continued Malaney said trustees are considering an emergency declaration at the building, which would allow the town to speed through the normal bidding process.
“We’re doing our best; we want to get heat in there are quickly as possible,” the supervisor said. “We can’t make any promises, though. There are just too many variables.”
While waiting for the go-ahead to work on the damaged heating system the town board is investigating other options.
“The cost of fuel (oil) is so expensive it may not make sense to put another oil boiler in there,” Malaney said. “We’re looking at alternatives. (Trustee) Jeff Cook has been researching a wood pellet boiler system.”
The wood pellet system is more expensive to install, Malaney said, but cheaper to operate than an oil system.
During the August town board meeting trustees voted to have an engineering study done to review the feasibility of different heating systems.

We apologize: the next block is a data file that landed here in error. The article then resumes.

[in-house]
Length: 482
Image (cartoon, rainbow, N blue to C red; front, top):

Malaney said the town spends about $45,000 a year for heat and electricity in the Armory.
“It’s such an expensive building to maintain,” she said. “This is an opportunity to see if we can save some money in the future.”
It’s likely an alternative heating system will cost more to install than the $93,119 the insurance is providing. With that in mind the town is seeking an energy-efficiency grant from the state that could pay 75 percent of the cost. The remaining 25 percent would be covered by the insurance payment or in-kind services.
Should the Armory not have heat this winter, the senior and youth programs will be forced to re-locate. The town board is already discussing possible homes for the groups.
“There’s no shortage of space in the community,” Malaney said. “We’ll find everyone a home, if need be. It’s still our intention and hope to get heat in the Armory this fall.”